[toc]Pennsylvania has its eyes set squarely on the future in 2017. Namely, the Keystone State is thinking about poker, gambling and technology in 2017.
The developments are not just political, either.
A new online gaming bill should be introduced in the state Senate soon. Elsewhere in Pennsylvania, it was a battle of men and machines thanks to a new artificial intelligence study at Carnegie Mellon University in Pittsburgh.
Sen. Jay Costa teases comprehensive PA online gaming bill
The state legislature started the newest session on Monday, Jan. 23. Just because the Senate just began a new session does not mean Senators haven’t been planning ahead for 2017.
State Sen. Jay Costa’s proposed bill addresses a number of gaming issues in a single piece of legislation, including online casinos, online poker, and daily fantasy sports (DFS).
Moreover, it proposes a solution to the current brick and mortar casino taxation issues in the state stemming from a court ruling that the existing taxation structure was unconstitutional.
The state is running out of time to figure out a fix to the taxation issues. The state will need to come up with a long-term solution by April unless legislators request an extension.
Costa’s bill has so many components, it may take a while to debate through all of the issues and come up with a series of laws the state Assembly can agree on. Last year the state House passed an online gaming bill the state Senate never voted on before 2016 came to a close.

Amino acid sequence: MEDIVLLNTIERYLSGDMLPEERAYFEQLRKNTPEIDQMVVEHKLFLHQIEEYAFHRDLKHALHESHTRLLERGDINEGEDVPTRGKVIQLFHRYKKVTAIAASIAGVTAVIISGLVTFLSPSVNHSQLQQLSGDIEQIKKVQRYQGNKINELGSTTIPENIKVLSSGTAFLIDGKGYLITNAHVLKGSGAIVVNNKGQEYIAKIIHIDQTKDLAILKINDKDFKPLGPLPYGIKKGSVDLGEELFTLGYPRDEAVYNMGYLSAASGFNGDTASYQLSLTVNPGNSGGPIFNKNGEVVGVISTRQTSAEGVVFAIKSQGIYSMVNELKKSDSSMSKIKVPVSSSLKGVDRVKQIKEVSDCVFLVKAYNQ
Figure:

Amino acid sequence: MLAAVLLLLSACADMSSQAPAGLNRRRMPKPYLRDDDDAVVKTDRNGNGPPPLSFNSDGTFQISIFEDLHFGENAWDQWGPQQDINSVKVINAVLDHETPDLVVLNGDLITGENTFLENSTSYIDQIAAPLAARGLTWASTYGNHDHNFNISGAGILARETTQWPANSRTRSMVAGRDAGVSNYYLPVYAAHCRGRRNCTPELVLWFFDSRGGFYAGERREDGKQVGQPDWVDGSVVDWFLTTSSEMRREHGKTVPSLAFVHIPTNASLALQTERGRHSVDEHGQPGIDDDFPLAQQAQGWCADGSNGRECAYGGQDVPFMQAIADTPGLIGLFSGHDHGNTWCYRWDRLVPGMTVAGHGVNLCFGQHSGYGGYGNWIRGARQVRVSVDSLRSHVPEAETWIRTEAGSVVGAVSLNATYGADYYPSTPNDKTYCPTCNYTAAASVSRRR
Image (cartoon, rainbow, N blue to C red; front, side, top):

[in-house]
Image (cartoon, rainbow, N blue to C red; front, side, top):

So far men are not faring well against the machine
The last time high stakes heads-up poker players took on a bot from Carnegie Mellon, the boys bested the bot. The humans technically won, but the monetary difference between the winners and losers was not deemed statistically significant.
It is time for round two. A new quartet of pros are currently holed up at Rivers Casino in Pittsburgh to play 300,000 hands of heads-up action against the newest iteration of poker artificial intelligence, Liberatus.
This new study features AI which incorporates some of the suggestions and observations for the pros who played the first bot, Claudico. This time around, the sample size is much larger too. Claudico played 80,000 hands against the players. This time the tally is upped to 300,000.
Players arrived in Pittsburgh and action began on Jan. 11 and will log hours through Jan. 30. If they can beat the bot, the foursome will split $200,000.
Those interested in the action can watch it live on Twitch on the casino’s website. As of Saturday, Jan. 21, the crew had played just over 55,000 hands and the humans were down by around $675,000.